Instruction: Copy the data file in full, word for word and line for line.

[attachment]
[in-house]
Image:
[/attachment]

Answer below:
[in-house]
Image: